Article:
My own cancer is chronic. The kind that never, ever, ever fully goes away. I was told from the beginning, 100% relapse rate. I decided as I sat there, listening to ‘my’ people chat, that my hope also had to be a chronic.

The kind that never, ever, ever goes away. My hope had to be more. More than chemo. More than lymphoma.   More than leukemia. My hope must be: dogged, determined and tenacious.

relentlessHOPE.  My mantra was born from fear, yes but birthed by life.

With the vision of my husband and my children and family before me, I chose (and I choose), life. A life lived with relentlessHOPE for the tomorrows. A life lived with relentlessHOPE for dreams. A life lived with more joy and peace than cancer’s fear of death. I have had to dig very deep sometimes to find hope. My fears occasionally grip me and I waver. But only temporarily do I give in. Always, memory smiles of those fifteen people and cluster of nurses break through and once more, I lift my head, and smile.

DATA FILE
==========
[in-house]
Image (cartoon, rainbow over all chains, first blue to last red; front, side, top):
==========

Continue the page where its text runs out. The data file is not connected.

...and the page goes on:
Never ever going away. Never ever giving up. Cancer loses. Life lived my way. Life wins.

Saturday, August 23, 2014

detours lead...scars remind

What an Absence. 
Months of sandy, dry dessert. 
Dark nights of void.
(one of my favorite words)
I rise. 
I stand.
I come back again.

Horizons appear
Dreams & heartbeat & life one.

So much change in my life. My blog and my writing got lost. 
My life overwhelmed me.

I know you can relate. Everyone has times that challenge.